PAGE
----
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Water Quality

Eurasian Watermilfoil in British Columbia

This brochure has been produced to answer the more frequent enquiries received by the Ministry of Environment on Eurasian watermilfoil and to provide you with general information on related water management concerns.

What is the Problem?

Aquatic plants are an important part of the biology of our lakes and other water bodies. They provide food, habitat and rearing areas for a wide variety of organisms. Vegetation helps to stabilize lake bottoms and aerate the water. However, some aquatic plants, such as Eurasian watermilfoil, also can have undesirable effects, especially when they are too abundant or become established in unwanted locations.

Eurasian milfoil cover

In British Columbia, problems caused by Eurasian watermilfoil include:

  • growing and spreading rapidly
  • invading and replacing native plant communities
  • obstructing swimming, boating, waterskiing and fishing
  • reducing the appeal of beach areas due to the accumulation of plant debris
  • impeding flood control, water conservation, drainage and irrigation works
  • reducing the economic benefits of tourism where dense growth limits recreation

millfoil leaf

Eurasian watermilfoil is not native to North America. It was first observed in British Columbia in 1970 in Okanagan Lake. The plant has spread since to Shuswap and Mara Lakes, to Christina and Champion Lakes in the Kootenays, to all the main lakes in the Okanagan Valley and to numerous water bodies in the Lower Mainland. Also, isolated populations were discovered on Vancouver Island in 1985, and in Nicola Lake in 1991.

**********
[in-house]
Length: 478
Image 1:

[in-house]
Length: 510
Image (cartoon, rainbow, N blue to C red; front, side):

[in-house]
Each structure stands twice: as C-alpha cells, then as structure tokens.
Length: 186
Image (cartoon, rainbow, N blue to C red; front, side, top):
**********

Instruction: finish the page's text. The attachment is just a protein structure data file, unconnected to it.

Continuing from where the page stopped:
Many uninfested water bodies in these areas and elsewhere in British Columbia remain susceptible to the introduction of this plant.

How Does it Grow and Spread?

Eurasian watermilfoil is a perennial, which grows from a fibrous root system on a variety of bottom types. During the spring and summer months, when growth is rapid, plants may reach the water surface from depths exceeding five metres.

Floating plant fragments produced by waves and boaters are spread by water currents, making the plant difficult to contain. New plants develop when the fragments sink, rooting best in protected locations.

Boats and boat trailers carrying plant fragments are thought to be the most common form of spread from one water body to another.


Management strategies currently in use in British Columbia include:

  • preventive efforts (e.g. surveillance of non-infested areas and public information to discourage spread, particularly by boaters)
  • placing bottom coverings on new populations to prevent lake-wide infestations
  • root removal (maintenance of priority areas by rototilling or shallow water cultivation)
  • harvesting (cosmetic control by cutting the plant below the water surface)

What Can You Do?

  • Reduce spread of watermilfoil and other aquatic weeds by clearing all plant material from boats, motors, trailers, wet wells and anchors. Dispose of plants far away from water bodies.
  • Learn how to identify Eurasian watermilfoil.
  • Report suspected new infestations to any Ministry of Environment.
  • Contact local authorities and seek expert advice when concerned about aquatic plant problems in your community.

Originally published in June 1993

updated: July 2011


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